Your question does not include critical details. I presume you have been charged. Is there a bond? If so, what are the conditions?
You need to speak with a quality criminal defense attorney in Savannah. I can help you find an attorney if you wish. I am not soliciting business as I would not travel to Savhannah for a case like this.
As you are aware, when a noncitizen is charged with a criminal offense, it can have far-reaching consequences for them and their families. Minor offenses, even those involving no jail time, can subject a noncitizen to deportation, regardless of whether they are lawfully present in the United States. In Padilla v. Kentucky, 130 S. Ct. 1473 (2010), the Supreme Court formalized a rule, already a standard practice, that attorneys must notify their clients of the immigration consequences of a guilty plea. The criminal defense attorney for the petitioner, Roselva Chaidez, had done no such thing, and she pleaded guilty to an aggravated felony, subjecting her to mandatory removal. In Chaidez v. United States, Chaidez is arguing to SCOTUS that her right to effective assistance of counsel existed pre-Padilla.
If SCOTUS rules in Chaidez's favor, I suspect that your chances of success will be greater. However, it is imperative that you seek legal counsel and file a habeas as soon as able.
As far as pro bono counsel, I suggest that you contact various immigration rights groups and inquire as to whether they are able to help you.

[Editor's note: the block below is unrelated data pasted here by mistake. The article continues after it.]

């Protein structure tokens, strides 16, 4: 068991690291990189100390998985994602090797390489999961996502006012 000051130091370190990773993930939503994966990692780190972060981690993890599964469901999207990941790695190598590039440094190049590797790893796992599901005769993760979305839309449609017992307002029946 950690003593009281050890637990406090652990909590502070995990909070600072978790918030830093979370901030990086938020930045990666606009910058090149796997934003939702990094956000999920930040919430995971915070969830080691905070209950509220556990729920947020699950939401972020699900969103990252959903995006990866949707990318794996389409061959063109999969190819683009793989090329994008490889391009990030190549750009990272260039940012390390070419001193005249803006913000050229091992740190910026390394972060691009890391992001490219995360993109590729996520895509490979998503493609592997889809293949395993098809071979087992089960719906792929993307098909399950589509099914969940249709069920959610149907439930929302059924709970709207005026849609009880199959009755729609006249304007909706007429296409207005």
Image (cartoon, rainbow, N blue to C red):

Mr. Wallack is spot on. If obtaining citizenship and possibly not being deported is a priority for you (and i suspect it is) you should run, not walk to an immigration attorney. There may still be time to undue any damage that may have been done.
You definitely may not speak with the judge alone. Look for an attorney who is in that courthouse on other business. Shop around for a good, local attorney who will give you a very reasonable rate. I once encountered a clever fellow in your shoes who approached me in court and negotiated a very favorable rate. After all, I was there and waiting to assist my client. It took virtually no additional time to advocate for the new client.
Mr. Tevis provided an excellent list of your options. Speak with a personal injury attorney in your area and inquire into whether you can obtain representation on a contingency basis. The consultation will be at no cost to you (other than time and travel). The attorney will likely try to determine whether there is a way to colect a judgment from the person who assaulted you.
The other two attorneys are correct, you should seek legal counsel. Interview attorneys and ask if they have handled similar cases. Perhaps ask for a reference.
He certainly cannot sue for not having rights read. When rights are not read to a person who is in custody, it may prevent the state from using a statement made by the accused against him, but it creates no right to sue. I suggest that you contact a civil rights attorney to arrange a free phone or office conference to determine whether there is a case. I do not handle such cases but you can find attorneys who do on Avvo, lawyers.com, the local bar association and elsewhere. Good luck!
Yes, you can still be convicted if the state is able to prove all elements of the charge. Taking the license is not an element of the charge. You need to address the issue that is causing the suspension.
Ms. Foster posed some of the critical questions. I agree with her. If you attempt it yourself, have perseverance!